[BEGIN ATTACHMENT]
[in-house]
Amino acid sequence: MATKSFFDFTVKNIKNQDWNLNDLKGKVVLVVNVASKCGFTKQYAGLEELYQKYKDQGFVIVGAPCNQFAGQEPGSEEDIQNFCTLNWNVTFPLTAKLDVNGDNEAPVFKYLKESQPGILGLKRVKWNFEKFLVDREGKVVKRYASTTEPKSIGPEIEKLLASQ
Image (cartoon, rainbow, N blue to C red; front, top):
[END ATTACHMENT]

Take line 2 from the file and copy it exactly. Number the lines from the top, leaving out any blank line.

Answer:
Amino acid sequence: MATKSFFDFTVKNIKNQDWNLNDLKGKVVLVVNVASKCGFTKQYAGLEELYQKYKDQGFVIVGAPCNQFAGQEPGSEEDIQNFCTLNWNVTFPLTAKLDVNGDNEAPVFKYLKESQPGILGLKRVKWNFEKFLVDREGKVVKRYASTTEPKSIGPEIEKLLASQ